Jon O'Brien, Rovi


Ani DiFranco
Ani DiFranco has earned her rep as the most independent of artists. She records for her own label, and as a result says and does pretty much as she pleases. DiFranco has also shown a willingness to experiment, mixing genres and styles, and Evolve is clearly an important link in her continued evolution. Piano, horns, and guitar mix and merge on "Promised Land," offering a bluesy blend of progressive folk, while a heavy backbeat informs the funky "In My Way." The arrangements are much busier than the "girl with an acoustic guitar" sound of her earliest efforts, but they're never crowded. In fact, DiFranco's such a dynamic singer, at turns soulful and, when angry, in the listener's face, that the heavier arrangements serve her well. The arrangements and solid production, however, aren't enough to save the material. As with 2001's Revelling: Reckoning, Evolve lacks consistency and finally seems meandering. "Icarus"' foreboding melody line drags at a dawdling pace, stopping and starting again, and finally, going nowhere. The worst excess is "Serpentine." It takes three minutes for the vocal to start, and seven more for DiFranco to catalog everything that isn't right in the Promised Land. It's as though she were trying to write her version of Dylan's "Desolation Row," but failed to match her lyrical vision with a compelling musical one. DiFranco's fans will forgive her these excesses because they've grown used to them; everyone else will probably want to reach back to earlier albums like Not a Pretty Girl to hear the DiFranco at her best.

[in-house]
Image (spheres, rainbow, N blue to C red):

Ronnie D. Lankford, Jr., Rovi

Eye To The Telescope

KT Tunstall